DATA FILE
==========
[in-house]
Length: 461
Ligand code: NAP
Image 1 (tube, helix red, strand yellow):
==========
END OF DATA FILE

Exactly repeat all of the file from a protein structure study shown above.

[in-house]
Length: 461
Ligand code: NAP
Image 1 (tube, helix red, strand yellow):